Football kits can often spark heated debate amongst fans, but rarely do new strips spark sanctions and even legal proceedings. Yet that is what happened in the early noughties when Cameroon and their kit manufacturer Puma thought it was a good idea to design a sleeveless shirt. The basketball-style vest was used to good effect at the 2002 African Cup of Nations - Cameroon triumphed - but FIFA clamped down at the World Cup and the team were forced to wear black tee-shirts underneath. Puma then designed a one-piece kit for the next African Cup of Nations, leading FIFA to declare the onesie illegal and dock Cameroon six points from their qualifying campaign. The case went to court, but Puma lost and Cameroon were forced to revert back to their original two-piece kit. The lost six points were later reinstated, while Cameroon have been trophyless ever since.
7. The USSR - not always red
The Soviet Union was never afraid to flaunt its link to red - the colour which most symbolises communism - but the national team's last kit before the break-up of the USSR was actually white. In 1991, Adidas manufactured a shirt with black cheques on one shoulder and chevrons on the other, with a red band across the chest the only nod to their traditional colour.
8. Jorge Campos - a true maverick
If ever there was a player to fly in the face of tradition, it was Mexico goalkeeper Jorge Campos. During his career, he defied the norm in many ways - from his small stature and silky skills for a keeper to his eye for goal and deadly free-kicks - but it was his kits that made many people sit up and take notice. Campos, apparently inspired from his surfing days, designed his own outfits which, for one reason or another, the Mexican federation allowed him to wear whilst representing his country. His creations were garish at best and regularly feature in 'worst kits of all time' lists, but Campos was most certainly one of football's true entertainers.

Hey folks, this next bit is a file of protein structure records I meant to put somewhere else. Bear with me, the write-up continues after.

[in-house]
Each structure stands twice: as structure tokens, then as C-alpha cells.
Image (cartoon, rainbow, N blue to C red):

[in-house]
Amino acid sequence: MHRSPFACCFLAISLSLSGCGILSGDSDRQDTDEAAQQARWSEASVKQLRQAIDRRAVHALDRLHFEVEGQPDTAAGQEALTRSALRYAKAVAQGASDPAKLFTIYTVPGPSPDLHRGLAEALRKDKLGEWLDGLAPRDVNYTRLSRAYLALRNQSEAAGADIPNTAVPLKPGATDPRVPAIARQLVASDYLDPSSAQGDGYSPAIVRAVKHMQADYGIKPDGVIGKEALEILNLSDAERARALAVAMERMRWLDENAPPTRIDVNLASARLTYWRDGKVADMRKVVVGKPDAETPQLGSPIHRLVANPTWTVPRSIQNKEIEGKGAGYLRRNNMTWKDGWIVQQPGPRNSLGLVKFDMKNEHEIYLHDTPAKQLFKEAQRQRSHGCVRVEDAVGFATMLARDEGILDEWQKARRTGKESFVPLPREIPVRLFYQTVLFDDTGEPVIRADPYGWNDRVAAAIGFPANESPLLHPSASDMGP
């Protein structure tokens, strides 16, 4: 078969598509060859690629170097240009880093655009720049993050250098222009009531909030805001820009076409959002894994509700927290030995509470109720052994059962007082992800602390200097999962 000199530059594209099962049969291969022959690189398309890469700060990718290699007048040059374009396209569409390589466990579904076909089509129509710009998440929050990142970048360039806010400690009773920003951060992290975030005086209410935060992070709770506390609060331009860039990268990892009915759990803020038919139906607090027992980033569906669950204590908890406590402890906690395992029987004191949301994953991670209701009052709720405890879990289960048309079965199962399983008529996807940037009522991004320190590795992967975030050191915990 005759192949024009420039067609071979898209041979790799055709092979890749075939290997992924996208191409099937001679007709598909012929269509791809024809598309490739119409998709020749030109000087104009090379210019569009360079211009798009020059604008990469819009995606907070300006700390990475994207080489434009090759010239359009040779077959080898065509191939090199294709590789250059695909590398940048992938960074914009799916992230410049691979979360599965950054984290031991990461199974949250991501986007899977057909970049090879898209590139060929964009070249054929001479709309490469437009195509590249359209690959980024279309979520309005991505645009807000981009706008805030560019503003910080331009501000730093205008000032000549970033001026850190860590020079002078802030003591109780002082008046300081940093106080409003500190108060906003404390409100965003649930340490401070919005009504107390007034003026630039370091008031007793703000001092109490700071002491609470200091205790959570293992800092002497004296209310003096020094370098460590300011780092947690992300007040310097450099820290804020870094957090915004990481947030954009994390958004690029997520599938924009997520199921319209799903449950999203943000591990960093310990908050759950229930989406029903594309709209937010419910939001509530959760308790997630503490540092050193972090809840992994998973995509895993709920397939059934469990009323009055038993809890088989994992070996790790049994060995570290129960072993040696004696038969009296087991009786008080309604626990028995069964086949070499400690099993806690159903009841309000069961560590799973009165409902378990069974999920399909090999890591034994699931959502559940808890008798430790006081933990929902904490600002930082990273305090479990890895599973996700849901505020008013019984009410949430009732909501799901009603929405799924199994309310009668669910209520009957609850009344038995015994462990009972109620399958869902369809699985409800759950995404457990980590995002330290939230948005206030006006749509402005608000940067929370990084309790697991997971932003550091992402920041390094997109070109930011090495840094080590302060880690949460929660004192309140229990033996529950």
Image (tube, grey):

9. German consistency
Despite a turbulent recent history, marked by a split in 1949 and reunification in 1990, Germany (and the former West Germany) has the roots of its football kits deeply entrenched in the past. Their black and white colours are a reference to 19th Century Prussia while the national symbol of a black eagle harks back even further - to the Holy Roman Empire of the 12th Century.
10. Cruyff dictates play in West Germany
Dutch midfielder Johann Cruyff dribbles past Argentinian goalkeeper Daniel Carnevali at the 1974 World Cup (AF …
Johan Cruyff was a special player, so it was perhaps fitting the Dutch maestro should get to wear a special shirt. At the World Cup in 1974, Cruyff sported an Adidas-manufactured Holland shirt with just two stripes running down his shoulders, in contrast to his team-mates who all had three in the Adidas tradition. The reason? Cruyff had an exclusive deal with rival brand Puma, who supplied him with their classic Puma King boots, and he refused to wear the Adidas version. It was a real coup for Puma, the company founded by Rudolph Dassler, the older brother of Adidas supremo Adi, although such sponsor-related pranks are surely now a thing of the past.
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- 2014 World Cup in Brazil
- African Cup of Nations